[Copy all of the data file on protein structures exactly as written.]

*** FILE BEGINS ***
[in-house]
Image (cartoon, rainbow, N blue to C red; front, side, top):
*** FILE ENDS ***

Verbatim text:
[in-house]
Image (cartoon, rainbow, N blue to C red; front, side, top):